2. If it is a natural law that man seek his own self-preservation, why do men have to observe them to seek for self-preservation and to join up with the common wealth and give up their autonomy.
3. Autonomous man recognizes no obligation but an obligation that is self-imposed that doesn’t have to submit to the social code unless he imposes it upon himself.
4. You see that anarchy is answered by totalitarianism, so you see a bounce between the One and the Many.
He was an empiricist who believed that man’s mind knows no innate truth. He is a tabula rasa at birth. Only experience gives many any knowledge whatsoever. All knowledge is probablistic and we cannot know anything for sure because everything is based upon sensation. Although he believed that man was free of external constraint, he did not believe in free will. He believed that man lived in a deterministic system. Since there are no innate truths, how do you know the difference between right and wrong? You know morality through experience. Virtuous conduct brings pleasure and evil conduct brings pain. Man by nature follows the natural law of self-preservation. Man is obliged to preserve other’s lives as well to the degree that they preserve his own. Man ought to punish violators is self-preservation because if he doesn’t then others might defy him. Self-preservation leads to social theory and uniformity. The state of nature can be peaceful, however, it does lack a universal law that is universally acknowledge and applied. Therefore, we need a social contract for our society. The power of the society should extend nor further than advancing life, liberty and property. For this reason, rulers should gain to more power than that which is given to them from the consent of the governed. Locke was lead to argue against absolute monarchy.
1. We see the autonomy of the Many from Locke. Where we see the autonomy of the Leviathan in Hobbes, we have the autonomy of the Many in Locke.
2. How can he know through his senses that there is a universal duty. How can he know anything about ethics on the basis of sensation?
His writings are part of the effort to account for morals apart from God. He believed that nature and revelation complement one another, so he wanted to find morality in nature. According to Butler there are two possibilities for finding morality in nature. Firstly, you can look at the aspect relationship of things and hope that they will tell you something about moral duty. However, he believed that a better approach was to look at man as a matter of fact to find moral duties. Hobbes and Mandeville looked at man’s nature to find laws to govern man’s behavior. They looked at man’s drive toward self-love as the central concept of ethics. Shaftesbury looked the instinct of benevolence to be the central guiding principle of man. Butler thought of these two approaches offered only partial analysis of human nature. Butler wanted to show that both self-love and benevolence are part of a larger duty that governs human nature. Man is neither self-regarding in the extreme so that he sacrifices benevolence, nor is he so exceptionally benevolent as to exclude self-interest. Man is both benevolence and self love, and these two reinforce one another. What goes beyond self-love and benevolence is the faculty of conscience. He says that it is the faculty that pronounces some actions to be good and others to be evil.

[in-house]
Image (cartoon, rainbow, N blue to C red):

1. What is conscience?
2. By distinguishing conscience from other sorts of tendencies in human nature and other faculties, Butler is clearly using a faculty psychology as though man is made of a bunch of individual elements interacting with one another.
3. Butler is not very clear how conscience makes its judgments. He says “conscience approves of that which contributes to the good of the whole man and condemns whatever places some part of man over the whole.” If you want to engage in adultery, Butler would point out while that act favors physical sensation, it favors it over purity of soul. Conscience will condemn this because things are out of proportion, but how does it assess these matters of proportion? Butler would have to likely resort to God, but then he’d have to resort to special revelation, but that is the very opposite of his project.
4. Butler reduces normative ethics to subjectivism, because conscience doesn’t have a standard. My conscience tells me one thing and another person’s conscience tells him another thing.
5. Butler has an ethical duty, but it is not universalizable.